Thank you for joining me for our Coffee Hour and for some thoughts on what is only part, albeit a significant part, of the Salvation Story: His death and resurrection, His ultimate display of power revealed through a restraint of power. Grab your coffee, and your Strand of Faith, and let’s pick up where we left off and hopefully conclude this series … just in time for Good Friday tomorrow!
Have I told you I am back in school for my Bachelor’s degree in Biblical studies? Oh, how I love learning! Well, this past week, we talked about power, the types of power, and multiple definitions for power, how it is used in the church, and out. One of the definitions for “power” is “The potential to influence others.” We were then asked to think of people in positional power, and that included pastors! Then we learned about the types of power, which is positional versus personal and the difference is that positional power is based on a title or a position and personal power is based on relationship.
Then there are the styles of power: Coercive power. Oooh, did I feel a bit of remorse after hearing about this one. The example the professor gave was about parenting, but I saw myself in the beginning of this ministry and even up to a year ago as a coercive type of leader, talking people into things that they really didn’t want to do. There’s the style of utility power, which is a type of compliance for a benefit. And then finally, there is legitimate power where others follow due to a belief in the leader and this type of power generates commitment. Oh, how I long to be this type of leader with this type of power.
Let’s broaden the lens of the scope now to The One who is most powerful, He who has all the power; the time and place: right before His ultimate surrender of power.
He was oppressed and He was afflicted, Yet He did not open His mouth; Like a lamb that is led to slaughter, And like a sheep that is silent before its shearers, So He did not open His mouth.” (Isaiah 53:7)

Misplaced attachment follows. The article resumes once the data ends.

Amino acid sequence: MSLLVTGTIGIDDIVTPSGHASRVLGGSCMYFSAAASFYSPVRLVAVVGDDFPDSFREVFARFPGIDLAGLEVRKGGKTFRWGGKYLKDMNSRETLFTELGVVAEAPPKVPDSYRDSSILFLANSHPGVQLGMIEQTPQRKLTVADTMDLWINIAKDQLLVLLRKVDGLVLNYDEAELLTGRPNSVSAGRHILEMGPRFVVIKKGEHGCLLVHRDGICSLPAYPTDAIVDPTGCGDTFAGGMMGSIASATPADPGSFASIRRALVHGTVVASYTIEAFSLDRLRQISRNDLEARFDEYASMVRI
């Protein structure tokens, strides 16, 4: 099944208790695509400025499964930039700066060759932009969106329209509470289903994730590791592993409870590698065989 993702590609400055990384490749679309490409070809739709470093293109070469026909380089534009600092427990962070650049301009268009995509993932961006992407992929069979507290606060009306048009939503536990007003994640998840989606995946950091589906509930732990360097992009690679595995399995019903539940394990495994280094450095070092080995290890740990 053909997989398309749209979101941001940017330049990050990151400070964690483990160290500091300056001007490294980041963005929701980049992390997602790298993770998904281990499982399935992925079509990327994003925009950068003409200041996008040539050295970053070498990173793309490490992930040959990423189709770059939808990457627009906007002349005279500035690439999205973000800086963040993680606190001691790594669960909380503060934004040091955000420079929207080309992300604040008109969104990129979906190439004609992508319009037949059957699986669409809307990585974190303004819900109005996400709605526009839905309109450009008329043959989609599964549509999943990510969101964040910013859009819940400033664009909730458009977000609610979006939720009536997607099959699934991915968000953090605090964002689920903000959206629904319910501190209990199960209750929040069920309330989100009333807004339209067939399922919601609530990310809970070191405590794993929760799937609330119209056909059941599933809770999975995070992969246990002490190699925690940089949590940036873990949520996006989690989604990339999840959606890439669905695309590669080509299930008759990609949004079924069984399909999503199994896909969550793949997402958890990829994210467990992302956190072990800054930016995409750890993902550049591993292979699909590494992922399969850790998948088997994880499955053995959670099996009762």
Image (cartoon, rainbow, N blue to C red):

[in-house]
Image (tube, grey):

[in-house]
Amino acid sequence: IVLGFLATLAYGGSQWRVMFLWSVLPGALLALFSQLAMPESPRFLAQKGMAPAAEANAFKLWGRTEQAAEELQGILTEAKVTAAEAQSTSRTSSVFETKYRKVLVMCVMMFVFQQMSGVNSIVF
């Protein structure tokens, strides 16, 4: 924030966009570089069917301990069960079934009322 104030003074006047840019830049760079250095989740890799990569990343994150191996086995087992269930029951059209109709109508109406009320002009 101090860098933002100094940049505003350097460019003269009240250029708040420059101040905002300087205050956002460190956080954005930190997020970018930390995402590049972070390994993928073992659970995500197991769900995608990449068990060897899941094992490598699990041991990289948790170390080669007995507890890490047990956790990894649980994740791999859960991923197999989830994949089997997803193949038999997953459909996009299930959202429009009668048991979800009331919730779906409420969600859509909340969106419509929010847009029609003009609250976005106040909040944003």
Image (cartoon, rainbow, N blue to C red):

Do you see the beauty of His legitimate power shining through the prophecies?
I don’t know about you, but I read those words and I am filled with this sense of wonder, awe, and covetousness. What an incredible restraint of power, to not defend yourself when being attacked!
You may be saying, “Well, why would I not want to defend myself?” or “Does Jesus expect us to be doormats?”
Let me answer the first one first and I’m sorry to put it this way, but I must answer the question with a question: Why do you need to defend yourself? The more I learn about His character, the more I yearn to be like Him and the closer I am to Him, the less I need to defend myself. If there is any twinge at all, any division of the heart, could that be fueling the need to defend ourselves in time of conflict? Here’s another way to put it: Does/will defending myself bring eternal value? When it all comes down to it, He knows our hearts and the more we restrain our power over others, the more power we will have.
And to answer the second question: Does Jesus expect us to be doormats? No. Not only no, but heck no! No one can wipe their feet on us unless we let them, and when we “turn our back” we leave them nowhere to stomp!
But Jesus hung there, surrendering His power that we might walk in/with His power, dying that we might live, giving that we might take … any and every opportunity we can to not let His pain go in vain!
See, the Easter story is only part of the story for His power lives in each one of us who have confessed that He is Lord for one day, because of His surrender of power, His ultimate legitimate power will be revealed as every knee bows and every tongue confesses …
Oh, Coffee Hour Friend, may we each allow His surrender of power to empower us, His pain to be our gain …
P.S. Join us tomorrow for a beautiful Good Friday word of encouragement from Debbie Croley @ Croley’s corner of Chicklit Power!